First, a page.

An interesting difference between African-American humor and Jewish humor, in it's kind of basic or maybe most austere type form is, African-American humor, some of it comes out of playing the dozens in which you insult the other person or insult the other person's mother, and so much of Jewish humor is like, you're insulting yourself. It's totally self-deprecating.
They began to come upon chains and packsaddles, singletrees, dead mules, wagons. Saddletrees eaten bare of their rawhide coverings and weathered white as bone, a light chamfering of miceteeth along the edges of the wood. They rode through a region where iron will not rust nor tin tarnish. The ribbed frames of dead cattle under their patches of dried hide lay like the ruins of primitive boats upturned upon that shoreless void and they passed lurid and austere the black and desiccated shapes of horses and mules that travelers had stood afoot.
There is that in the soul of man which must respond to the highest in virtue. It may not respond at once. Human nature can easily be over-faced by examples too remote and austere. Moreover, human nature can easily deny God because the whole race has long been in rebellion against Him. Yet there is that in human nature which calls out to the supreme examples of virtue: owns, as it were, the intention of God who made it, and feels the unmistakable homesickness of the soul.
What did one see if one looked in any depth into the world of this writer's fiction? Elegant self-control concealing from the world's eyes until the very last moment a state of inner disintegration and biological decay; sallow ugliness, sensuously marred and worsted, which nevertheless is able to fan its smouldering concupiscence to a pallid impotence, which from the glowing depths of the spirit draws strength to cast down a whole proud people at the foot of the Cross and set its own foot upon them as well; gracious poise and composure in the empty austere service of form; the false, dangerous life of the born deceiver, his ambition and his art which lead so soon to exhaustion -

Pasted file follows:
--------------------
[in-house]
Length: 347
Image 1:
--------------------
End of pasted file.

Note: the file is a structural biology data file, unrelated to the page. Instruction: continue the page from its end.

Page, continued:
The attitude of uncompromising heroism is attractive, and appeals especially to the dramatic instinct. But the purpose of the serious revolutionary is not personal heroism, nor martyrdom, but the creation of a happier world. Those who have the happiness of the world at heart will shrink from attitudes and the facile hysteria of "no parley with the enemy." They will not embark upon enterprises, however arduous and austere, which are likely to involve the martyrdom of their country and the discrediting of their ideals. It is by slower and less showy methods that the new world must be built [... ] To find fault with those who urge these considerations, or to accuse them of faint-heartedness, is mere sentimental self-indulgence, sacrificing the good we can do to the satisfaction of our own emotions.